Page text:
Small Business Advisor - September 2019

Small Biz News

Small Business Advisor - September 2019

Register for webinar on updates to Lithographic Printing Rule

Join us for an informative webinar regarding the new streamlined air pollution control regulations for printing operations that have an offset lithographic printing press. If you are in Kenosha, Kewaunee, Manitowoc, Milwaukee, Ozaukee, Racine, Sheboygan, Washington, or Waukesha County you need to attend!

The rule revisions, effective July 1, clarify and simplify the Reasonably Available Control Technology (RACT) rules for lithographic printing. Prior to the changes, lithographic printers were required to meet two different RACT rules that were put in place in 1995 and in 2009 and the rules had different requirements.

DNR Small Business Environmental Assistance Program and printing association representatives will go through the changes to the RACT rule as well as a review of air permit requirements. Determining what regulations and reporting requirements apply to your facility could be quite the challenge. This program will provide Wisconsin printing companies with important information about these recent rule changes, new compliance certification requirements and resources available for compliance assistance.  

Register for the webinar with the host, Great Lakes Graphics Association (GLGA):

Kenosha County’s ozone nonattainment status reclassified

Kenosha County Ozone Nonattainment Area

The U.S. Environmental Protection Agency (U.S. EPA) finalized a reclassification for a portion of Kenosha County from “moderate” to “serious” nonattainment for the 2008 ozone standard.

The affected portion of Kenosha County, shown shaded on the map, is the area inclusive of and east of Interstate 94. This area is the Wisconsin portion of the three-state (Illinois, Indiana, and Wisconsin) Chicago ozone nonattainment area for the 2008 standard.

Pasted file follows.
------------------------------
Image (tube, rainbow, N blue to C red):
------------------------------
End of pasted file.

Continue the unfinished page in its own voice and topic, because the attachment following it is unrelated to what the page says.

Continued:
The reclassification does not mean ozone pollution is worsening in Kenosha County. In fact, the long-term, three-year ozone design values in the county have been improving, from 84 ppb in 2010-2012 to 79 ppb in 2016-2018. This reclassification is required by the Clean Air Act because the area’s ozone levels did not meet the 2008 standard of 75 ppb by the required federal deadline (July 20, 2018).

The reclassification will take effect September 23, 2019 and will affect how air permitting is conducted in the eastern portion of the county. DNR is working with impacted facilities to explain any changes to the permitting process and to adjust existing permits as needed.

It is important to note that much of the ozone measured in Wisconsin is due to emissions originating from outside the state. Wisconsin’s lakeshore counties experience the highest ozone concentrations on warm days with southerly winds, which transport the compounds that cause ozone, especially volatile organic compounds (VOCs) and nitrogen oxides (NOx), into the state. VOCs and NOx react over Lake Michigan to form high concentrations of ozone, which is transported onshore by the lake breeze.

Overall, ozone levels statewide have decreased over the past 15 years and emissions of ozone precursors like VOCs and NOx have decreased by 50 percent since 2002.

For more information on ozone, EPA’s federal ozone standards and how ozone is measured in Wisconsin, visit the Air Program’s ozone webpage at -

Methylene Chloride consumer paint and coating removal rule implementation - EPA issues compliance guide to assist small entities